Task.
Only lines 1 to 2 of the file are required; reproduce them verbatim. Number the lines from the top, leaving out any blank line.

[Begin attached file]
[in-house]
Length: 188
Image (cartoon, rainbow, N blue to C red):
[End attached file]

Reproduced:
[in-house]
Length: 188